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class Test {
    import scala.collection._

    class Parent
    class Child extends Parent

    implicit val children = mutable.Map[String, Child]()

    def createEntities[T <: Parent](names: String*) = names.foreach(createEntity[T])


    def createEntity[T <: Parent](name: String)(implicit map: mutable.Map[String, T]): Unit = map.get(name) match {
        case None => println( name + " not defined.")
        case _ =>
    }
}

Why the compiler complains:

error: could not find implicit value for parameter map: scala.collection.mutable.Map[String,T] names.foreach(createEntity[T])

?

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1 Answer 1

up vote 3 down vote accepted

If you call, e.g., createEntities[Parent]("A", "B") (which you can, because Parent is a subtype of Parent), it needs an implicit mutable.Map[String, Parent], and there isn't one. To be more precise, your definitions require you to supply a mutable.Map[String, T] for every subtype of Parent, not just those already defined:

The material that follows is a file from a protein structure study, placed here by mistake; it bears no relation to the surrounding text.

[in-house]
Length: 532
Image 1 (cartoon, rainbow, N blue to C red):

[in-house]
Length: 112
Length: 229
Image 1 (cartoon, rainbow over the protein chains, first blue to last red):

implicit def aMap[T <: Parent]: mutable.Map[String, T] = ...
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I can not accept this answer because it compiles if change createEntities definition to : def createEntites[T<:Parent](name:String*) = {} –  xiefei Sep 15 '10 at 9:34
2  
It's the names.foreach(createEntity[T]) call which requires an implicit argument. If you remove this call, of course it compiles! –  Alexey Romanov Sep 15 '10 at 10:32
1  
Got it. It is legal to call : createEntity[Child]() but not createEntity[T]() because there is an implicit value for mutable.Map[String, Child] but none for mutable.Map[String, T] –  xiefei Sep 15 '10 at 11:53
    
Yes, precisely. –  Alexey Romanov Sep 15 '10 at 12:03

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